How AR VR Will Shape the Future of the Workplace
Imagine this. It is that time of year again for mandatory company trainings, per the request of HR and overall best business practices. Everyone in your department shuffles begrudgingly into a large conference room and are then broken out into groups. Instead of going through boring HR trainings via PowerPoint slides or even virtual trainings over a laptop, your company decides to shake things up a bit. That is where the VR headsets are whipped out, surprising the entire office yet exciting them at the same time. Sounds fantastic, right? Right. This is just one example of how virtual reality (augmented reality) will shape the future of the workplace- HR and other trainings.
Many people have a misconception about VR; they think it is just for gaming and brush it aside for any other purpose. That was a common thought up until recently. Now, with a constant flow of new innovations and creative ideas for VR, the technology’s purpose has been expanded upon to more than a simple entertainment device. A revolution is rising among the workplace- a technological revolution, that is. Do you want to be a part of the future of VR? Here is how it may impact you on the job.
Virtual Reality Trainings
As mentioned above, training (of all sorts) in the workplace is the main area most profoundly influenced by the virtual reality experience. It allows employees to brush up on their training in a unique, simulated environment that offers hands-on learning opportunities. This is particularly helpful for professionals in the fields of medicine, research, engineering, product design, and marketing. VR trainings are an improvement over traditional methods because it engages employees, still with the use of technology but in an active manner.
Multiple Dynamic Screens
Virtual reality glorifies the idea of using multiple screens at once. Using mixed reality headsets and glasses will allow employees in the workplace to view not only their physical computer screen but also a plethora of screens in VR. Since the visual space is 3D, you can have as many computer screens as you can imagine. The possibilities are endless. This is the future of the workplace: more screens in an immersive, dynamic experience without the hassle of actual computer monitors. Virtual reality is the new supercomputer.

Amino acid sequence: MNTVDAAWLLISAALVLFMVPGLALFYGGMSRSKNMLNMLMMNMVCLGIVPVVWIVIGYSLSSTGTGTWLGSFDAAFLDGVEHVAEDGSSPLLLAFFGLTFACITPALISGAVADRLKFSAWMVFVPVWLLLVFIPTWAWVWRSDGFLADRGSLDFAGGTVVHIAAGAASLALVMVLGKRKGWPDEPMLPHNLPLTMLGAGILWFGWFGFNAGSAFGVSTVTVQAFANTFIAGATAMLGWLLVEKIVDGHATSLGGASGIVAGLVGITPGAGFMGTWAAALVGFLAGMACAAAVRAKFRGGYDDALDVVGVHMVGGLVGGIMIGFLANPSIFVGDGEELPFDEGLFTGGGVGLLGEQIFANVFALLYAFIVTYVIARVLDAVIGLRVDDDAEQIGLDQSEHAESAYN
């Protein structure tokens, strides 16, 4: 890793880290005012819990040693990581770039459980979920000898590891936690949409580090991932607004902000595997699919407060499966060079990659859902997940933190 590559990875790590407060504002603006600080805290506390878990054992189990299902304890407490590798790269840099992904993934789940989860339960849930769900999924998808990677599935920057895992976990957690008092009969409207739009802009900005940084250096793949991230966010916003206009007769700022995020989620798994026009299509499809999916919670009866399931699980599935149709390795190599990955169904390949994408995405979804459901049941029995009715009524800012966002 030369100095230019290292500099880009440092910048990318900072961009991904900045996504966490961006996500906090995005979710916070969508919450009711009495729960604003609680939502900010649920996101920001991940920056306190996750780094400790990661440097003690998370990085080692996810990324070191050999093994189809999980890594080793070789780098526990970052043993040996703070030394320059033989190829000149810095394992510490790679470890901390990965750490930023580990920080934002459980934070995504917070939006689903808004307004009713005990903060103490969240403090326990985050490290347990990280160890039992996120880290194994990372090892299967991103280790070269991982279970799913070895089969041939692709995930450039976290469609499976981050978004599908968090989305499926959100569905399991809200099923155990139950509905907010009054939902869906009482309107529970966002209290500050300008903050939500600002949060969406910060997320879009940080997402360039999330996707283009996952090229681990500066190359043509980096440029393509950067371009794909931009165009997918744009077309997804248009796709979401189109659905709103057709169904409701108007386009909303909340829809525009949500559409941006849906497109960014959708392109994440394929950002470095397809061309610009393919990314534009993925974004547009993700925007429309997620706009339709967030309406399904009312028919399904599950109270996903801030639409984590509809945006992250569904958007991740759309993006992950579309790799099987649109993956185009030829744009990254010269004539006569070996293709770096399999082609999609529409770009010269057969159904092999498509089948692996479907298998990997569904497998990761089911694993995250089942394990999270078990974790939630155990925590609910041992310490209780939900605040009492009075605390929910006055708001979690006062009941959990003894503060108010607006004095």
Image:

3D Model Interactions
A significant way VR is shaping the future of the workplace is through 3D modeling. Imagine you are an engineer working on a design for a piece of hardware on a vehicle. Virtual reality allows you to build a digital model of that hardware and project the image into a mixed reality space, thus offering a realistic view of what the piece might look like. Interacting with these 3D models feels like the real deal, which is extremely helpful for testing functionality, design, and most other analytical criteria. Along with testing, VR allows you to undergo as many realistic simulations as you need in whatever environment you choose, all without having to leave the office.
Who knew a use for VR in the workplace would be in talent screening- i.e., using augmented reality as part of the interview process. This is quite a smart use for VR, as it allows potential new hires to get a feel for the workplace before committing to the job. It also offers employers a way of seeing how the job candidate would handle certain job-related tasks and mesh with their new environment. Additionally, situational scenarios could be programmed for use in the interview. For example, an employer might ask a potential new hire to solve a problem they might face within their role.
Overall, the future of the workplace is being shaped heavily by VR/AR experiences. It is a gradual change, but it is still happening quickly in incremental stages. From what we have learned so far, VR in the workplace gives employees more freedom to make autonomous decisions, as well as extra safety and a minimized risk for conducting tests and research. It also makes training fun on a whole other level. The future of VR is prevalent in the workplace if you take a good look. Now, pick up that headset and get to work.